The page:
In 1916, while living in his native Russia, Marc Chagall was invited to create a series of large-scale murals of religious festivals for a Jewish secondary school adjacent to the main synagogue in Petrograd (formerly Saint Petersburg). Purim and Man with Lulav are important studies for this never-executed mural cycle, which would have allowed the artist to paint scenes evocative of his childhood as a Hasidic Jew in Vitebsk. Bright, warm colors and striding figures of grand proportion are the hallmark of such studies. Chagall also eschewed the Cubist fragmentation he had experimented with in Paris in favor of an easily comprehensible, faux-naïf style, which he probably felt was more suitable for schoolchildren. Unfortunately, at the outbreak of the Russian Revolution in 1917, Chagall had to abandon the mural commission--his first for a Jewish organization--so that he and his wife could return to the relative calm of Vitebsk.

<i>Man with Lulav</i>, c.1916-17
Marc Chagall, French (born Belorussia), 1887 - 1985
Pen and brown ink, watercolor, and wax crayon on paper, 10 ½ x 9 inches
Private Collection, Philadelphia

Man with Lulav, c.1916-17 Marc Chagall, French (born Belorussia), 1887 - 1985 Pen and brown ink, watercolor, and wax crayon on paper, 10 ½ x 9 inches Private Collection, Philadelphia

Twenty years later, political unrest would again alter the fate of Chagall's Purim. The study was seized by Adolph Hitler's National Socialist Party from the walls of the Museum Folkwang in Essen, Germany, and shipped to Munich for inclusion in the state-sponsored exhibition Entartete Kunst (Degenerate Art). This exhibition--seen by more than three million people during its four-year tour of Germany, Austria, and Poland--used Nazi slogans and anti-Semitic captions to link modern art with social degeneracy and political subversion. Because of its Jewish theme, as well as its expressive use of non-naturalistic color and scale, Purim was featured in the exhibition and the related press as a paradigm of the art that the Nazi's authoritarian agenda sought to repress. In 1941, the same year that Entartete Kunst ended its tour, Chagall was able to flee France for the safety of New York. He continued to paint and make prints, as he had in Paris, but much of his work also dealt with the extreme danger and persecution confronting the Jewish people. One project from this period was a set of illustrations for the book Burning Lights, a memoir by Chagall's wife Bella about her Jewish upbringing. His drawings of religious holidays and festivals appear based on his memory of works like Purim and Man with Lulav, thus preserving the legacy of his never-realized Petrograd mural commission.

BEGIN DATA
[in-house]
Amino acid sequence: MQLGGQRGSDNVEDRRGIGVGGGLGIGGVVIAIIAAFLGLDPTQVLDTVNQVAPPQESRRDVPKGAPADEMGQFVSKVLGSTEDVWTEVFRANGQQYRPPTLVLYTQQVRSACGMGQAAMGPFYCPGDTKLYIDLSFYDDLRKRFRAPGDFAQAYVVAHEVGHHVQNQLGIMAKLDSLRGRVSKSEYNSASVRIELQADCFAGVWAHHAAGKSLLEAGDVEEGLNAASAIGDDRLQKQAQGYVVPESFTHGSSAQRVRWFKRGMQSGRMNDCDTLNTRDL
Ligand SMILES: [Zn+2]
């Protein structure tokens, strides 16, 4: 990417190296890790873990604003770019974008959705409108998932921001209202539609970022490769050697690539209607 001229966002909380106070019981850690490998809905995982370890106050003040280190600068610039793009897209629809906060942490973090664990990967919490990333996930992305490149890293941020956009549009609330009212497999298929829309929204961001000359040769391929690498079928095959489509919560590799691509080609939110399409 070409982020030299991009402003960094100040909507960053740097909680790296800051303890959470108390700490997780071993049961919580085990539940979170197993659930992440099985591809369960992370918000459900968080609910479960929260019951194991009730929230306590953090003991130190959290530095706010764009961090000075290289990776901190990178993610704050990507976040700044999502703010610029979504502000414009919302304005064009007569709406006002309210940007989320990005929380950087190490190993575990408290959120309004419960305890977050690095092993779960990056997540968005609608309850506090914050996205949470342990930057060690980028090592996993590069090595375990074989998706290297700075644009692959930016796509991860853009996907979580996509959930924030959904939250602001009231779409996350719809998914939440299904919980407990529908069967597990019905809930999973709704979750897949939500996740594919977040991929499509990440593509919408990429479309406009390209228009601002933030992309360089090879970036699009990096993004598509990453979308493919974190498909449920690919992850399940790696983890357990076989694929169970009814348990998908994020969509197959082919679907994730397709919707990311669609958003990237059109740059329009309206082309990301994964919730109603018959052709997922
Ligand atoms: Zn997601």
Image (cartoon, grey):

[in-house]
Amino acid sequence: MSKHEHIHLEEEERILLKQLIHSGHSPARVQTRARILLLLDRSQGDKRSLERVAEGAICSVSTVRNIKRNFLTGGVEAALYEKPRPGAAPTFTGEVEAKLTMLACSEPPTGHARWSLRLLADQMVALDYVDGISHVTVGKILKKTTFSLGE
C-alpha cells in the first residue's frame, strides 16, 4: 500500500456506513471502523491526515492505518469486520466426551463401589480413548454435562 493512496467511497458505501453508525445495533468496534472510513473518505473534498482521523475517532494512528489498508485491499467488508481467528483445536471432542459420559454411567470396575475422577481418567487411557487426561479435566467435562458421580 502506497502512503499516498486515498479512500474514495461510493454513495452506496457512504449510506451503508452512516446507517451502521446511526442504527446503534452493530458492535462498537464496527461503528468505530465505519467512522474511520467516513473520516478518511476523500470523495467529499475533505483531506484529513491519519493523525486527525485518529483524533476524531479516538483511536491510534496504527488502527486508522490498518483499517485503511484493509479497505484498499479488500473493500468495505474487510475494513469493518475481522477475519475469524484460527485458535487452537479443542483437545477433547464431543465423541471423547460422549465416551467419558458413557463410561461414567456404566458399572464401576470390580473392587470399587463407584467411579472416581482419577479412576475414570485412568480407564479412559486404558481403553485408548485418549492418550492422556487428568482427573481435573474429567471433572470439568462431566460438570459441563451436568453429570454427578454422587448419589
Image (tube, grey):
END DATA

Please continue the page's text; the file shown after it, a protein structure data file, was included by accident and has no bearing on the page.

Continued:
The School of Paris

In September 1923, after nearly a decade of living and working in his native Russia, Marc Chagall returned to Paris at the request of the French art dealer Ambroise Vollard, who commissioned the artist to create illustrations for new editions of Nikolai Gogol's Dead Souls and Les Fables by Jean de La Fontaine. The project dominated Chagall's work over the next decade, as seen in The Watering Trough, 1923, where a bent-over woman and grinning pig share the sense of otherworldly fantasy and charm that Chagall similarly expressed in the gouaches and etchings that he made for the book commissions. Throughout this period of prodigious painting and printmaking, Chagall once again found himself at home in the community of artists, writers, and musicians that thrived in Montparnasse during the first half of the twentieth century. In 1925, the noted French art critic André Warnod coined the term "School of Paris" to describe this eclectic, cosmopolitan group of foreign-born painters and sculptors whose number included Chagall and his former La Ruche colleagues Moïse Kisling, Jacques Lipchitz, Amedeo Modigliani, Chaim Soutine, and Ossip Zadkine, as well as other Montparnasse artists, such as Louis Marcoussis, Chana Orloff, and Jules Pascin. Rejecting the widespread notion that this foreign "invasion" represented a threat to French tradition, Warnod highlighted instead the profound contributions that these expatriate artists had made to modern art and French culture.